Changing needs mean older women need more complex care at home
Women using home nursing services are older, less likely to have been born in Australia and have more complex medical needs than 10 years ago, a Melbourne research study has found.
Bolton Clarke Research Institute conducted the retrospective analysis of home nursing clients as part of the two-year Older Women Living Alone project. De-identified data were analysed from women clients aged 55 years and older living in Victoria for each year between 2006 and 2015.
Researchers found that over the study period there was a decrease in nursing service utilisation by older women living alone who were aged under 85. For this group of women, the decline in service usage was most pronounced for those aged 65-74 years.
In contrast to the trend for younger women living alone, women over 85 and living independently showed increased usage of home nursing care over the 10-year period. Women over 85 and living with others also showed increased service usage.
“Women using home nursing services are older than a decade ago and are also more medically complex and more likely to originate from countries other than Australia and speak languages other than English,” lead author Marissa Dickins said.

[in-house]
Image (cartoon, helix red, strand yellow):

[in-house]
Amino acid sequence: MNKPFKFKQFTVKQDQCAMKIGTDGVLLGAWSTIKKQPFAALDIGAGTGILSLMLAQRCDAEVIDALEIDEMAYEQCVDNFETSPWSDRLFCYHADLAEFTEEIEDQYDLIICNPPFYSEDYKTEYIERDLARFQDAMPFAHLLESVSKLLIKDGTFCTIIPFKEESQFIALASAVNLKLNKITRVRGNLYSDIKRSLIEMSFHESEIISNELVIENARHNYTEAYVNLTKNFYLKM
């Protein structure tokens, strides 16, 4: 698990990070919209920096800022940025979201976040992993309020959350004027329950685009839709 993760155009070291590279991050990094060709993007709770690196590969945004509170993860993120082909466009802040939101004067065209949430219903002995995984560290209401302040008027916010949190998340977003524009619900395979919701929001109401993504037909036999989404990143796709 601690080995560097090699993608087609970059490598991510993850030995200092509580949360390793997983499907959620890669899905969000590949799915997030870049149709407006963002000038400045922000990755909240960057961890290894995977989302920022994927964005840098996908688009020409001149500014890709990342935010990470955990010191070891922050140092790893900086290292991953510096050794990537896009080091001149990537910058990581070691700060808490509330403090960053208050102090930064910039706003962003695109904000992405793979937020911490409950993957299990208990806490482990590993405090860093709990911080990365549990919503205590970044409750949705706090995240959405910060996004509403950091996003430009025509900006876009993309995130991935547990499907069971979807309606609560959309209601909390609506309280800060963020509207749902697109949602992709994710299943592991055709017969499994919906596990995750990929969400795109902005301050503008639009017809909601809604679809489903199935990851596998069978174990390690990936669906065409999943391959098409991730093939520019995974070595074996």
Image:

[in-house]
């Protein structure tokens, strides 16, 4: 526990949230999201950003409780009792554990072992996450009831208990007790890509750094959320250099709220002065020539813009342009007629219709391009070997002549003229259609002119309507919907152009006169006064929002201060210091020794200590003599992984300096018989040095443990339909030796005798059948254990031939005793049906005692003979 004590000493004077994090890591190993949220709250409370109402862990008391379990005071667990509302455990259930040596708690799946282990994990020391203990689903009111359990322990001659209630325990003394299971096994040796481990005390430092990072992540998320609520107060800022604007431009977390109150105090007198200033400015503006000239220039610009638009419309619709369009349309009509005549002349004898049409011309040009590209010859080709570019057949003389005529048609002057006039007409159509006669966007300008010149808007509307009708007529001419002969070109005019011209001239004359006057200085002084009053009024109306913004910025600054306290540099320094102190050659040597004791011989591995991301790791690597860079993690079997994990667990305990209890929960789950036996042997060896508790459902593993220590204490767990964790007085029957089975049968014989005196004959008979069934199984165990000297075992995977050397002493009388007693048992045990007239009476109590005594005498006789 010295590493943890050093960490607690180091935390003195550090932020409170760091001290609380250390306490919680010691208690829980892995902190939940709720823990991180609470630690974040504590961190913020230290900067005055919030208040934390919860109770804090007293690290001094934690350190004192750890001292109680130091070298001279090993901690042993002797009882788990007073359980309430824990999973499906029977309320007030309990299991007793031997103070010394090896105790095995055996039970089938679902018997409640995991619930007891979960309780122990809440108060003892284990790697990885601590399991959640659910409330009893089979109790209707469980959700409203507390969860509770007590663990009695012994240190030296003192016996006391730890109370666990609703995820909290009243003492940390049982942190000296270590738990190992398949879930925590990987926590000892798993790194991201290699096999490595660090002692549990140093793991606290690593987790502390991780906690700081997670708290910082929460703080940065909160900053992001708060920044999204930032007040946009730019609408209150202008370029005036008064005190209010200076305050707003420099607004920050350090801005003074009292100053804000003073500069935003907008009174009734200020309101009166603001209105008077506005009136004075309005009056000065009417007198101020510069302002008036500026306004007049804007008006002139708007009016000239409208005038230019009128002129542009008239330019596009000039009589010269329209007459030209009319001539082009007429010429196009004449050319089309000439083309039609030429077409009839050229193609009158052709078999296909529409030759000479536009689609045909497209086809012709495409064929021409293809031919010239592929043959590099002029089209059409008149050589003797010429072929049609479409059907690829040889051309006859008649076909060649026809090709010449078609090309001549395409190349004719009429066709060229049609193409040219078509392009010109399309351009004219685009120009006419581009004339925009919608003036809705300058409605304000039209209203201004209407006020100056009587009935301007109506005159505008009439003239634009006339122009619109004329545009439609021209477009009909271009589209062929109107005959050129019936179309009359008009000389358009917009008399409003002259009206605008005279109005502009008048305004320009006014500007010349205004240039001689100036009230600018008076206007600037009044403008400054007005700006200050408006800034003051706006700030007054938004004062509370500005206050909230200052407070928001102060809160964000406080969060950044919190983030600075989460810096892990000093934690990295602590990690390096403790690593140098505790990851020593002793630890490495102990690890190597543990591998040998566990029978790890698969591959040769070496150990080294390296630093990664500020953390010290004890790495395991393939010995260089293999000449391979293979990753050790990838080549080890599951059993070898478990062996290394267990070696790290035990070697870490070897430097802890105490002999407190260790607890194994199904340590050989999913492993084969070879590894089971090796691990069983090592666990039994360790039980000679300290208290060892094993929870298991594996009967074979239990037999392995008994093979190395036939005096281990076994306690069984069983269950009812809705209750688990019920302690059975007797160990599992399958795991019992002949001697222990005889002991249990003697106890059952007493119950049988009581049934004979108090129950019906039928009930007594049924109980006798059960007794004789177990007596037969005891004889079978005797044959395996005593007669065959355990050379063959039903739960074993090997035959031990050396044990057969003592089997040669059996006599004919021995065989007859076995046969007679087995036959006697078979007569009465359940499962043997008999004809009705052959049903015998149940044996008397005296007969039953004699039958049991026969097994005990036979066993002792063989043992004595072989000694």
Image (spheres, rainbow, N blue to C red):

“This all adds to the complexity and support required to care for these individuals in their own homes.”
The study, published in the Australasian Journal on Ageing, showed that overall, fewer women living alone were using home nursing – a decrease by 13 per cent over the period. However there was a substantial increase of 10-33 per cent in service use for women aged over 85, regardless of living status.
The proportion of older women born in Australia decreased over time, as did their likelihood of speaking English as their preferred language.
“The complexity of health issues of all women accessing the home nursing service also increased over the 10-year period,” Dr Dickins said. “We’re certainly seeing more diagnoses than we used to see previously.
“Women living alone were less likely to be discharged from the home nursing service to home and more likely to be discharged from home nursing care to hospital in 2015, while the opposite was true for women living with others.
“The increased age of women accessing home nursing care and the fact they’re living with more conditions supports previous research indicating that as our medical knowledge grows and care improves, we are getting better at managing diseases.
The research paper is the first to examine women’s use of home nursing services over time.
“As clients age it’s important to understand their changing needs to help service providers understand how best to support them,” Dr Dickins said. “We have to assess whether there are services we may be able to put in place to help them age well at home for as long as possible.”
The full research report can be found at: https://onlinelibrary.wiley.com/doi/full/10.1111/ajag.12735